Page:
New analysis of famous 3.46 billion-year-old rocks by AMMRF researchers, Dr David Wacey and Prof. Martin Saunders, at the University of Western Australia (UWA) along with collaborators at Oxford University has resolved a long-running evolutionary stalemate over the authenticity of the oldest microfossils yet found. Their work was published this month in Proceedings of the National Academy of Sciences.
Carbon-rich filaments within the 3.46 billion-year-old Apex chert (a fine-grained, sedimentary rock) from the Pilbara, had been likened to forms of bacteria and claimed to be the oldest microfossils to be found. Although doubts had been raised as to their organic origins, it is only now, with new high-spatial resolution transmission electron microscopy (TEM) data, that it has become clear that the ‘Apex chert microfossils’ are in fact stacks of clay minerals. Carbon adsorbed onto these minerals from circulating hydrothermal fluids gave the false impression that they were fossilsed cell walls. The image shows TEM elemental maps of a filamentous pseudofossil from the the Apex chert (left) and a confirmed microfossil from the 1.9 billion-year-old Gunflint chert (right). The real microfossil has a semi-continuous ring of carbon (yellow) corresponding to the cell wall, whereas the Apex pseudofossil has a chaotic distribution of carbon (yellow) associated with iron (red) and sheets of an aluminium-rich mineral (green).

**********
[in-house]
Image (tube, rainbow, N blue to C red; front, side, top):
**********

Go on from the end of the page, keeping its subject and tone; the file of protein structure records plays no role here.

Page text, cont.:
While this latest research does not really move the goalposts for when life first originated on Earth – there are robust microfossils only a few million years younger than the Apex material – it emphasises that not everything that looks like life really is life. This level of detailed analysis will provide a new tool for analysing possible signs of life, on Earth and beyond.